3. I just started this with my DS this summer. But we do a tiny bit of yoga (12 poses) every day followed by 3 minutes of quiet time.

I like the idea of yoga because it helps with balance & calming. In fact Boston University has found doing yoga (of course more than 12 poses) will help create GABA - which is an amino acid created our brains which help block out too much sensory & calms our nerves.

Then the quiet time is to help learn to sit quietly. I also read of a private school who requires 30 minutes of quiet time a day for the entire school (K can color). They said at the start of the year the kids a restless, but by the end it's pretty silent. This school believes this helps in behavior & with higher learning.

Oh BTW: my son has poor small & large motor skills. He's about to start 3rd grade & started to ride his bike last week !!! It is late, but yayy !!! Now all of a sudden the boy I had to beg & plea to go outside, I'm now begging to go back inside :)

4. I've just posted this twice in here, but I'll do again. When my DS's teacher came to tell me she thought maybe my DS was ADHD I started him on an emulsified omega-3 two days later. She was able to see a difference before the end of the week. I'll start to go lax over the summer & forget to follow through or keep it in the house. We were out of it for 2 weeks & finally, nothing was going to stop me from going to the store to get the stuff - my house was wreck, I was finding I was arguing more than playing, etc. Now 2 weeks back on the stuff and there is peace in my home again.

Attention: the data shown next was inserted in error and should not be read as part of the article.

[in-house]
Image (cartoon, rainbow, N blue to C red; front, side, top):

5. How about seeing a podiatrist? That really helped my DS. We had him in arch supports. It wasn't good enough & had to go back and get them heightened. Once we got it to a good level he started to run & play more building up the muscles he needed. Now that he's grown out of them he doesn't seem to need replacements. So maybe it was what he needed just to get past some pain to build more mass.

6. I doubt gum/food would be allowed in the classroom. I've heard of lap weights that help, but I'm not one who wants my child to stand out.

There are this thing called PlayAttention. Maybe you'll want to look into it. I have it as a back up plan if the omega-3 seems to not work any more, but we're having such success I haven't decided to spend the money on this (we're really strapped).

You're head is hooked up to this computer & you play games, like shooting clay pigeons or something like that, but you cannot play with your hands. After 40 hours of play it is supposed to (in most cases) make a permanent impact on your focus.

This is how it's described by the lady we'd do the sessions from,

"It is a powerful learning system that uses a high-tech helmet to read brain signals indicative of focus or concentration. These brain signals control our computer games. Your mind becomes the mouse or joystick! These games not only teach you to improve focus, but also to ignore distractions, develop memory skills, finish tasks, and become organized. These skills can improve school work, improve self-esteem, and make life at home much happier."

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I hope one or more of these help reduce your stress :)